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How to keep energy bills down while working from home

Now is the time to cut down on energy bills as Australians are being told to stay home. (Source: Getty)

As the COVID-19 crisis continues to evolve, offices and businesses are shutting down across the country.

Thousands of Aussies are now working remotely to limit the spread of infection and minimise human-to-human contact.

Although working from home can help you to save on things like petrol and public transport, it also means you’re likely to consume more energy than you otherwise would. Most of us will leave lights on for longer, run heating or cooling throughout the day and have a home office set up with one or more computers. 

This extra energy usage will likely bump up your bill at the end of the quarter. Finder research shows that one in four Aussies (26 per cent) find paying for their energy bill extremely stressful, so it makes sense to start reducing your usage where possible. 

Here are some quick tips to cut back on energy usage:

Conduct an energy audit. Identify your “power-hungry” appliances. This might be an old outdoor fridge, a washing machine or a large TV. Check the energy ratings of these appliances, and take note of how many hours per day they’re in use. It’s also worth unplugging any appliances that you’re not using – this includes things like your kettle or microwave. 

Choose energy efficient appliances. This is not the ideal time to go to the store to buy them, but appliances account for roughly 30% of your energy bill. With this in mind, opt for products with an energy star rating of three of more to maximise efficiency.

Use natural light. Open the blinds and curtains rather than switching the lights on. Check the type of light bulbs you’re using too – LED or fibre-optic bulbs consume up to 75% less energy than incandescent ones and last up to 10 times longer. 

Limit your heating and cooling. Air conditioners and heaters are big energy sinks. Ensure your airflow systems are properly installed, well-maintained and efficient. Try to avoid switching them on if possible.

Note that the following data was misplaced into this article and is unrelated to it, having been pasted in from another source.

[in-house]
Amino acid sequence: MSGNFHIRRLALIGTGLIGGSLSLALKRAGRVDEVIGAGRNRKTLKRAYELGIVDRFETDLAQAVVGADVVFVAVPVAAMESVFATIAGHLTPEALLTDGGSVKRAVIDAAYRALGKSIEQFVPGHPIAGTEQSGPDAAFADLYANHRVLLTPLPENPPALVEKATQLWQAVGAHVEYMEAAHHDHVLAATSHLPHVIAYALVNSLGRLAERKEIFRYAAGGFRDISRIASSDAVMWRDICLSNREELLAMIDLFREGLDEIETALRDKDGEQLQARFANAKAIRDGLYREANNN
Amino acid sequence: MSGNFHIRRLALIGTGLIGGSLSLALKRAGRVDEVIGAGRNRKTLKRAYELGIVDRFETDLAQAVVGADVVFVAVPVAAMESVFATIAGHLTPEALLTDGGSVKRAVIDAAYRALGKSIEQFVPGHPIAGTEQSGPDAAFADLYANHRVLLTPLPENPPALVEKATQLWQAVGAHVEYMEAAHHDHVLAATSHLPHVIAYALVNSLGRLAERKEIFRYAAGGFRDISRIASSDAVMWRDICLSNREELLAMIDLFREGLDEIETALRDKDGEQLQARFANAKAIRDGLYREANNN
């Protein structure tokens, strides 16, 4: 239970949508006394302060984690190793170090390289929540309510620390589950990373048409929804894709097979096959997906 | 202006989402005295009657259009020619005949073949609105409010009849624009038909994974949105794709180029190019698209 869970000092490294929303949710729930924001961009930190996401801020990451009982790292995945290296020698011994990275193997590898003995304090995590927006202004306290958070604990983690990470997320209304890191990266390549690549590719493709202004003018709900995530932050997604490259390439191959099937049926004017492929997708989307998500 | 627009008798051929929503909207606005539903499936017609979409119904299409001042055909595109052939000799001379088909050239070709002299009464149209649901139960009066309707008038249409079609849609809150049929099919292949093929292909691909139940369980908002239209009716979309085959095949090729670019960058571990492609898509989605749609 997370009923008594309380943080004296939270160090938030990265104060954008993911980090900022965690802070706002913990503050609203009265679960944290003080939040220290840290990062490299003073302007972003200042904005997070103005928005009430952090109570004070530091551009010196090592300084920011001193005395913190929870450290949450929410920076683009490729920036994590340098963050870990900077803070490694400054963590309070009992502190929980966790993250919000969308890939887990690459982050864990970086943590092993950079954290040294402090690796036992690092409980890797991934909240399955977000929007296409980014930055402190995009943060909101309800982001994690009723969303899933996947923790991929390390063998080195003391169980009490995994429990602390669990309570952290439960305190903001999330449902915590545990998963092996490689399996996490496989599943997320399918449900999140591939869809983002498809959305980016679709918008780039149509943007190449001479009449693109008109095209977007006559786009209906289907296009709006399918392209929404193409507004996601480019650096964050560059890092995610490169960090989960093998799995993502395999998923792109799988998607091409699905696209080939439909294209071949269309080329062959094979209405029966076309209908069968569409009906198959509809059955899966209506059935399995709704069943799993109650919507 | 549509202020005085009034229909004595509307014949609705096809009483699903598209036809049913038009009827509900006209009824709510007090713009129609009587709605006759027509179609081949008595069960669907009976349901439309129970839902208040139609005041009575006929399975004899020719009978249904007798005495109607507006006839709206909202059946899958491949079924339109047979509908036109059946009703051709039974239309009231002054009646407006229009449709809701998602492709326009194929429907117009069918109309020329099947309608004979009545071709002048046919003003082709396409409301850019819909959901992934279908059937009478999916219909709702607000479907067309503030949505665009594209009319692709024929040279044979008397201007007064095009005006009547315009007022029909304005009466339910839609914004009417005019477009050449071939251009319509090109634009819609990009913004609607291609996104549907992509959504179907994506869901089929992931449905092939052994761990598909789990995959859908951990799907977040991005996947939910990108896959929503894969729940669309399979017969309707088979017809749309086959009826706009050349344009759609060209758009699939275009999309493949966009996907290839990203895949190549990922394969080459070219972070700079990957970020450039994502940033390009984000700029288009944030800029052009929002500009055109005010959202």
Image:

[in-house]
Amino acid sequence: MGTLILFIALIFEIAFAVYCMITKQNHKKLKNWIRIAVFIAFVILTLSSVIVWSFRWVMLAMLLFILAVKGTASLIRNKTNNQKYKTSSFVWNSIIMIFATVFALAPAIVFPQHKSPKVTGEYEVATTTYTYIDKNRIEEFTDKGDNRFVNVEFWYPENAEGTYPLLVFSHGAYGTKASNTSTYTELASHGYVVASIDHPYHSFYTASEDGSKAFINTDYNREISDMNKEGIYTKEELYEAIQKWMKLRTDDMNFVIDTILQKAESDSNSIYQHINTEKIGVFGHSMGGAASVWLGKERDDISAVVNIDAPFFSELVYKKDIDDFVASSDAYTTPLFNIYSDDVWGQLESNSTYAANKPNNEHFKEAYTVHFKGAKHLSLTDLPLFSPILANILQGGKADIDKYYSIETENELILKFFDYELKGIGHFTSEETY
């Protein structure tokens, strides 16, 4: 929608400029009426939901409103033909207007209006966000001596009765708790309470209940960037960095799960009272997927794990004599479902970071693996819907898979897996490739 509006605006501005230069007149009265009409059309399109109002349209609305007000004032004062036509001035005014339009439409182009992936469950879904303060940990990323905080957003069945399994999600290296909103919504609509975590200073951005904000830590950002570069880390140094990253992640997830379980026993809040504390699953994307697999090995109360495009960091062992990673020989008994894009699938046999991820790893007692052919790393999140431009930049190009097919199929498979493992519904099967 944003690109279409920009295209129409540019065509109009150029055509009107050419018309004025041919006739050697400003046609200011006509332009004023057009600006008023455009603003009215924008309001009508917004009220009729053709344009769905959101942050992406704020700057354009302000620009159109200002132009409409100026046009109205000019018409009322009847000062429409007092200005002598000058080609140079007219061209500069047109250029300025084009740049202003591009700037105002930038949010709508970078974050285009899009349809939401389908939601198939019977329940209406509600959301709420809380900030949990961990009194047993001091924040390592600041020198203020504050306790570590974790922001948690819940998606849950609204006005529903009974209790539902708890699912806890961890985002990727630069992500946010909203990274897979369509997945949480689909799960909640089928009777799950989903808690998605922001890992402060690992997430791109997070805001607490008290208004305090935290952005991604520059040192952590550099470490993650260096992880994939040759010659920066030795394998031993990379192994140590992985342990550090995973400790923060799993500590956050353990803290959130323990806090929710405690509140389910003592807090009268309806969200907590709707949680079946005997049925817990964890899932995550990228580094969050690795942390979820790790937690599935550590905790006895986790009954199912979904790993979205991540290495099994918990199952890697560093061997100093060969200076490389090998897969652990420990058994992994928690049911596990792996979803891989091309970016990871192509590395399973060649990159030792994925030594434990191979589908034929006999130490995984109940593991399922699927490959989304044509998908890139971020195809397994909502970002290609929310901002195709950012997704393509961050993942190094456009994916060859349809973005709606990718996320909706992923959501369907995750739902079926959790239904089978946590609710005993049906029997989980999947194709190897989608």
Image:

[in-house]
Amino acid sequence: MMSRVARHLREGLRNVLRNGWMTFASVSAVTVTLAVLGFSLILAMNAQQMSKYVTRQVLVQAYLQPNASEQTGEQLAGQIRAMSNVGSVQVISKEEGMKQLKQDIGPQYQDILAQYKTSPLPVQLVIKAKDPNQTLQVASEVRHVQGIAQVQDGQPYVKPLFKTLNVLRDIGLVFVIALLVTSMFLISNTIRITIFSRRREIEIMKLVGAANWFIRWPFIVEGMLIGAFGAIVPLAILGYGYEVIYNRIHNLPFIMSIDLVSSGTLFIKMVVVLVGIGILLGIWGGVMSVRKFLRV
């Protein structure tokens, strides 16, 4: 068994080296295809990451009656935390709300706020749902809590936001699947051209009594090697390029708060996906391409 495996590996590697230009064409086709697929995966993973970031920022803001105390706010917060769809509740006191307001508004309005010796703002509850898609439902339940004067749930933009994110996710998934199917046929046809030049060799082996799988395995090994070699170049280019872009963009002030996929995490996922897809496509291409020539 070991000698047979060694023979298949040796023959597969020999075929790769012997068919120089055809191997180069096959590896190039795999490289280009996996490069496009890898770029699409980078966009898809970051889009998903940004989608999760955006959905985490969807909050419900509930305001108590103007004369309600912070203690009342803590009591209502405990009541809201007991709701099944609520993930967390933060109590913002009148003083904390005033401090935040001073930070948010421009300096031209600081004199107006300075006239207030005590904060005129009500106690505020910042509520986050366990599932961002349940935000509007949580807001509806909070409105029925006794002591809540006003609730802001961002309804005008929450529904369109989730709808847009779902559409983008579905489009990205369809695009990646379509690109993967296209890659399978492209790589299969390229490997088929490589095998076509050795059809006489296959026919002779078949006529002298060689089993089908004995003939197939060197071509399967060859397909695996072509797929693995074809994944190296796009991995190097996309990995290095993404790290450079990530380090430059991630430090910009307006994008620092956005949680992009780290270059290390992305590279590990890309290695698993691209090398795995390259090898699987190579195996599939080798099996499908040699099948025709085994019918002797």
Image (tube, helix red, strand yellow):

Consider your usage times. Do you use the most electricity in the day or at night? Those using the majority of their power during the morning or early afternoon might benefit from a time of use tariff. This means you’ll be charged less money during these off-peak periods. 

Switch providers. Your choice of energy provider and the contract you sign can make a big difference to how much you pay. Make sure you compare across retailers in your area for the best deal. Sign a contract with a variable rate that suits your lifestyle and power-usage patterns.

What if I lose my job and can’t afford my energy bill? 

Unfortunately, not all jobs are secure during these uncertain times. Thousands of Aussies may find themselves out of work over the coming weeks, and this can lead to financial difficulty.

Most energy providers are now offering financial hardship programs to assist customers 

whose income has been affected by the outbreak. Below are some of the key hardship programs across three of Australia's biggest energy providers:

AGL

The energy retailer has a range of options available for customers who may be struggling to pay their bills. This includes payment extensions, tailored payment plans, Centrepay (the automatic redirect of Centrelink payments to cover energy bills) and financial counselling referrals. You can contact AGL on 1300 659 925 to discuss your options. 

Origin Energy 

Origin has ramped up its hardship efforts in response to the COVID-19 pandemic. Energy disconnections are temporarily suspended for customers who haven’t paid their bills, while vulnerable customers (such as those on life support) are being prioritised. 

Origin’s general hardship program also offers tailored payment plans (for a period of up to 2 years) and payment extensions. You can contact Origin on 13 24 61. 

Energy Australia 

Payment extensions are available for those experiencing financial difficulty. You can also apply for a 12-month payment plan, with the option to pay weekly, fortnightly or monthly. 

In addition to financial assistance offered by your energy provider, you may also be eligible for government help (depending on the state you live in). Your provider should be able to list any rebates or assistance packages you may be eligible for. Alternatively, you can visit a government website for more information. 

Utility bills can be stressful at the best of times, let alone during a crisis. But you don’t have to deal with financial hardship on your own – help is out there.

If your income has taken a hit, get on to your provider as soon as possible to organise a payment solution. Aussies working from home should focus on reducing their energy usage where possible to minimise the risk of bill shock.

Bessie Hassan is a money expert at Finder.

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